The Marvelous Annenberg School at USC


Jacob Flowers

Students in the Journalism and Strategic Communications pathways had the one-of-a-kind opportunity to tour the Annenberg School of Journalism and Communications at USC on Friday.

Upon stepping off the bus, students found themselves immersed in a world filled to the brim with Roman-esque architecture. Hulking brick goliaths lined pristine asphalt roads as chaperones led students to the second floor of the Annenberg campus. College students nonchalantly meandered to their classes with clothes reminiscent of a typical high schooler. To many, USC could be considered the paradigm university with its turn-of-the-century aesthetic and gorgeous design. Among the gardens and ancient buildings, however, lays a spectacle of the modern age: the Wallis Annenberg Hall.

Founded in 1971, the Annenberg school is home to 2,300 graduates and undergraduates according to the official USC Annenberg website. Despite its age, the campus is fairly new. In fact, the Wallis Annenberg Hall, or ANN, was recently completed in 2014, adding an innovative marvel of humanity onto a sprawling canvas of red bricks.

Before students had the opportunity to properly tour the mesmerizing four-story campus, chaperones ushered them into a presentation room where they had the opportunity to learn about USC’s Beacon Project and its profound impact. Sasha Urban and Austin Peay, two investigative journalists who wrote groundbreaking articles on USC’s controversies, offered advice regarding law, conduct and overcoming personal uncertainty to DVC’s aspiring journalists.

“Ask for help on everything and don’t be scared to do it,” Sasha Urban said when talking about the writing process, “That’s what journalism is all about.”

Both of them talked in-depth about their struggles writing about such controversial and heavy topics. Students faces were painted with perturbed expressions as Urban and Peay both discussed the difficulties associated with such a sensitive subject.

“Take care of yourself,” Peay said, “Writing about something heavy can take a toll on you.”

As their profoundly insightful presentation drew to a close, the room erupted with applause. A roar of pleasant nonsense overcame the room as the projector displayed a beautiful picture of Annenberg, filling the void left by the controversial articles that were there minutes prior. Shortly after, students found themselves in the middle of yet another presentation generously provided by students and faculty members at Annenberg.

After a short video presentation on the benefits of applying to Annenberg, the panel of students took the stage to provide further insight into life at Annenberg. According to them, USC has a great financial aid program readily available to both undergraduate and graduate students.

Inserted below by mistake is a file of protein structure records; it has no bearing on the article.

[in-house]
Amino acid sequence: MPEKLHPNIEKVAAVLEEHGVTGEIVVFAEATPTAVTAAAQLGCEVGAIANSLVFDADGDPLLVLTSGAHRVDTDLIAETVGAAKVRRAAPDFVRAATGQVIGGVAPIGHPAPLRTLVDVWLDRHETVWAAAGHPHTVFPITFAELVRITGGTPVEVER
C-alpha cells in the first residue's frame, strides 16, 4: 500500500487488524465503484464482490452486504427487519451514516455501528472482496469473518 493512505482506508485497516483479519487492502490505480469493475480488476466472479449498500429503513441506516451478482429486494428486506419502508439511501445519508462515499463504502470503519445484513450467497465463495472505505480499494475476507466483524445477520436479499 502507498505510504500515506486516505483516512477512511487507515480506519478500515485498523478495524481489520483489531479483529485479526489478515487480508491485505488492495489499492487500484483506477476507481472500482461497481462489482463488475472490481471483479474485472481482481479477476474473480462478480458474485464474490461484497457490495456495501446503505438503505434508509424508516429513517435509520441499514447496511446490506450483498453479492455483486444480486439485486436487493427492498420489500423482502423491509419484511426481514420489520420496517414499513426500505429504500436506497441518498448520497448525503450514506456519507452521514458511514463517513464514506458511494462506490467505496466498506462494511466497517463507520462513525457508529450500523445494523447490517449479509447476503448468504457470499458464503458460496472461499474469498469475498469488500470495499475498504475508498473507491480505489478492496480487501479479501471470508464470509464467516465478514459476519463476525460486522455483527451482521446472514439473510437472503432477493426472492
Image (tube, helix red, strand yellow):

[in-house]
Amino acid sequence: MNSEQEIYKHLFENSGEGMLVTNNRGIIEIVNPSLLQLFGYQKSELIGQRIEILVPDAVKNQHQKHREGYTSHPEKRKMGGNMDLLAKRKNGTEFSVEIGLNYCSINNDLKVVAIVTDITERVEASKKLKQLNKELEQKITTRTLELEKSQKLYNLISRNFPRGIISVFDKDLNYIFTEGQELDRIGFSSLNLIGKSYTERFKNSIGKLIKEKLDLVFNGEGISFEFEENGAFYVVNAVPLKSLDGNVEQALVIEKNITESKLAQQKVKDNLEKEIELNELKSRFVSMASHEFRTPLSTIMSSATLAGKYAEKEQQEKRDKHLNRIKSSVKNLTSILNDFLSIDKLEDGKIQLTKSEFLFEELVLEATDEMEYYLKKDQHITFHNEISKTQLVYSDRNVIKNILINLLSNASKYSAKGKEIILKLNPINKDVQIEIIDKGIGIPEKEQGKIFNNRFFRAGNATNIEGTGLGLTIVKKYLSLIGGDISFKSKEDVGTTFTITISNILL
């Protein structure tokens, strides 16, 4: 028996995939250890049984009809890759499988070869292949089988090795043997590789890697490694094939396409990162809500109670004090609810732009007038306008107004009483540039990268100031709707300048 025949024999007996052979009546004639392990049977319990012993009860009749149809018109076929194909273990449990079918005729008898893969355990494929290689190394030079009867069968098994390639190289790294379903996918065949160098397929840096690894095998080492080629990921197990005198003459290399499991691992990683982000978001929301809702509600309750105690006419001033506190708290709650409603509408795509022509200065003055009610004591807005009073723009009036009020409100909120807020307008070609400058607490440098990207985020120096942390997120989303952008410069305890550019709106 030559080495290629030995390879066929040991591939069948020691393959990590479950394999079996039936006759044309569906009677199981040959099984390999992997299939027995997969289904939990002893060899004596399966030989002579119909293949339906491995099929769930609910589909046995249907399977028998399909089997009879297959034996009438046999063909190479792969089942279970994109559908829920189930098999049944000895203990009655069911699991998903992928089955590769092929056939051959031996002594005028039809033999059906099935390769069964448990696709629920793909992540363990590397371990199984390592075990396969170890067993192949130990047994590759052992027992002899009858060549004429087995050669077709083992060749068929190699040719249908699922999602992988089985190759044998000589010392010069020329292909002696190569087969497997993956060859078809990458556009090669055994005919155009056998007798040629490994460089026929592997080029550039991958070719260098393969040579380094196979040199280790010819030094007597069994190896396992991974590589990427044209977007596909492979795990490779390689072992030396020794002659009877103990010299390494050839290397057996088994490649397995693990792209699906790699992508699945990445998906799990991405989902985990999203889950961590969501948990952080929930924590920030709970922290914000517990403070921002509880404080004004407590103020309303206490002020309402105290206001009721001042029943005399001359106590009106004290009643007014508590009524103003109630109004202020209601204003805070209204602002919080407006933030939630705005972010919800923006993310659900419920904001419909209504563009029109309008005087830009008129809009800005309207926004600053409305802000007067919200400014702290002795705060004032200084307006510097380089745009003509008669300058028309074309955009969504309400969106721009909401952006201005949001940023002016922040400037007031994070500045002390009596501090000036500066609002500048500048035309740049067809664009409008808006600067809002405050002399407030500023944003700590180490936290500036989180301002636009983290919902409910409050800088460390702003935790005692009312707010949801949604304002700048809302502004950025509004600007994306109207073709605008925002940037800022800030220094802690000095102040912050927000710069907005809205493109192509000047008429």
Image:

“They make it really affordable,” junior Chandler France said regarding his experience with financial aid.

All of them continued describing their positive experiences being students at Annenberg. Junior Amy Wang described the unique “hands-on experience” offered while the others preached the importance of time-management and staying on top of grades.

“USC really caters to what you want to do,” junior Arielle Rubin said about the programs offered by Annenberg.

Following the conclusion of the panel, students finally had the opportunity to tour the campus with the juniors they interviewed. One by one, small groups of students were led out of the presentation room and onto the main campus. As they walked through the clear glass doors, students immersed themselves in the hustle and bustle of Annenberg’s beating heart.

Students were greeted by the centerpiece upon entry, a hulking behemoth of a media wall that showcased a plethora of news and tweets. The sleek sheen of the tile floor perfectly complemented the Bohemian style of the futuristic structure. Students traversed the forest of voices as they thoroughly explored every nook and cranny of the ANN. Inexplicably intricate aesthetic elements collided with the interwoven technology to create this ineffable coffee shop atmosphere unique only to Annenberg. 

As the small groups finished touring the hodgepodge of eccentricity, the guides finally led them to the newsroom. Juniors and seniors from both pathways found themselves submerged in a technological labyrinth and they crossed the threshold from the main atrium. In front of them hung a hypnotic ring of televisions adorned with clocks and wires like a chandelier of flashing media. A multitude of devices left at other people’s disposal littered desks all around the newsroom. Small art pieces were occasionally stapled to walls to defy the monotony, but almost every object in the newsroom was a testament to the brilliance of man.

As students left the campus enlightened about the future, they lost themselves in awe-inspired chatter. A gentle hush of conversation radiated from the line of enthralled students as they navigated the shadowy campus. The fountains fired geysers of crystal clear water skyward like hands waving the students farewell. As the brick facade of USC faded from behind the departing bus, one statement permeated throughout the students’ minds.  

“Annenberg is like a family,” Chandler said.